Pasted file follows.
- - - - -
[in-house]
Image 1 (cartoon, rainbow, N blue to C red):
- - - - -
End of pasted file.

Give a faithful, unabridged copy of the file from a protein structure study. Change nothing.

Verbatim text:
[in-house]
Image 1 (cartoon, rainbow, N blue to C red):